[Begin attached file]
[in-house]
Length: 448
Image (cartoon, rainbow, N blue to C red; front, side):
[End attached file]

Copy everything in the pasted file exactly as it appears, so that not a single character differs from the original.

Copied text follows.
[in-house]
Length: 448
Image (cartoon, rainbow, N blue to C red; front, side):